POL3111 : UK Parliamentary Studies
POL3111 : UK Parliamentary Studies
- Offered for Year: 2023/24
- Module Leader(s): Professor Stephen Elstub
- Lecturer: Dr Orly Siow, Dr Maarja Luhiste, Dr Nick Randall
- Owning School: Geography, Politics & Sociology
- Teaching Location: Newcastle City Campus
- Capacity limit: 45 student places
Your programme is made up of credits, the total differs on programme to programme.
|Semester 1 Credit Value:||20|
|European Credit Transfer System|
Modules you must have done previously to study this module
Pre Requisite Comment
Modules you need to take at the same time
Co Requisite Comment
The aims in this module are to enable students:
1. Gain a detailed knowledge of how the Westminster Parliament works in both theory and practice
2. Scrutinise the capacity of Westminster to fulfill five key democratic functions of parliament: representation, recruitment and maintenance of a government, scrutiny of the executive, legislation, and debate
3. Critically analyse the relationship between government and parliament
Outline Of Syllabus
Parliamentary Studies aims to provide students with a detailed knowledge of how the Westminster Parliament works in both theory and practice. The overarching and coordinating theme of the module will be to scrutinise the capacity of Westminster to fulfill five key democratic functions of parliament: representation, recruitment and maintenance of a government, scrutiny of the executive, legislation, and debate. It therefore focuses on how the Houses of Parliament operates. It provides students with a sense of why cultures, traditions and informal relationships matter as well as formal procedures. Indicative topics may include:
• The Functions of Parliament
• The role and reform of Select Committees
• Parties and Parliament
• Representation and Parliament
• Debate and deliberation in Parliament
• The role and reform of the House of Lords
• Public Engagement with Parliament
• Parliament and the Media
• The Good Parliament
• Parliament and the UK's External Relations
Intended Knowledge Outcomes
At the end of this module the student will be able to:
1. Integrate theoretical and practical knowledge about parliament.
2. Apply conceptual tools to understand, evaluate and critically analyse, in-depth, the functions of parliament and the features of parliament that promote this function in practice.
3. Demonstrate a critical understanding of the limitations of parliament to promoting these functions
Intended Skill Outcomes
Develop their critical-analytical ability and planning and organisational skills. Demonstrate appropriate communicative and transferable skills including making effective use of library and electronic resources to acquire relevant information, engaging in seminar discussion, and provision of written, reasoned and co-ordinated arguments.
|Guided Independent Study||Assessment preparation and completion||1||144:00||144:00||N/A|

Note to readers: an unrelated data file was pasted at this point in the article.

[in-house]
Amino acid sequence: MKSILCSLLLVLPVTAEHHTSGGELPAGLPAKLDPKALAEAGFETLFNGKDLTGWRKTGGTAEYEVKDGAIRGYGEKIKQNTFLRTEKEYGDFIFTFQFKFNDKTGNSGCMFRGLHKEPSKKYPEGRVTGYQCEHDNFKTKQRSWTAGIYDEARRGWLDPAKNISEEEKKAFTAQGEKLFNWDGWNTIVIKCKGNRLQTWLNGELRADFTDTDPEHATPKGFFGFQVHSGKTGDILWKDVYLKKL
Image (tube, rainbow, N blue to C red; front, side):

|Scheduled Learning And Teaching Activities||Lecture||10||2:00||20:00||Synchronous, PiP lecture|
|Structured Guided Learning||Academic skills activities||10||2:00||20:00||Viewing parliamentary footage & posting comments to discussion board; generating q's for guest spkr|
|Scheduled Learning And Teaching Activities||Small group teaching||10||1:00||10:00||PiP seminars|
|Scheduled Learning And Teaching Activities||Scheduled on-line contact time||1||4:00||4:00||Synchronous virtual visit to parliament|
|Scheduled Learning And Teaching Activities||Module talk||2||1:00||2:00||Online recorded module talk giving assessment guidance.|
Teaching Rationale And Relationship
Student contact will primarily take place through a series of lectures and seminar classes, supported by engagement through the module’s virtual learning environment. The lectures introduce students to the key themes, focusing on the academic and theoretical framing of the theme. Each lecture would be followed by a one hour seminar where the seminars allow for participation by students in clarifying and exploring key ideas and issues. These help to develop critical-analytical and oral communication skills. Further materials will be available via the modules VLE, where there will be a further opportunity for a virtual and more flexible discussion of the module themes. Additonal assessment guidance is provided through recorded module talks. Finally there will be a virtual visit to parliament to hear talks from, and question, parliamentary staff, MPs and Lords.
The format of resits will be determined by the Board of Examiners
|Written Examination||90||1||A||50||90 minutes, in person, on campus.|
|Report||1||M||50||2000 word Report on parliamentary reform|
Assessment Rationale And Relationship
The parliamentary report and exam will provide students with the opportunity to demonstrate skills in research, critical analysis, writing, referencing and working autonomously. In the course of selecting, researching, and writing up a report and exam answers students will learn about the theory and substance of parliament, finding secondary sources, properly citing them, and developing research skills. The report will assess learning on a particular aspect of parliament. The exam will assess learning on broader understanding of parliament.
Past Exam Papers
Welcome to Newcastle University Module Catalogue
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The information contained within the Module Catalogue relates to the 2023 academic year.
In accordance with University Terms and Conditions, the University makes all reasonable efforts to deliver the modules as described.
Modules may be amended on an annual basis to take account of changing staff expertise, developments in the discipline, the requirements of external bodies and partners, and student feedback. Module information for the 2024/25 entry will be published here in early-April 2024. Queries about information in the Module Catalogue should in the first instance be addressed to your School Office.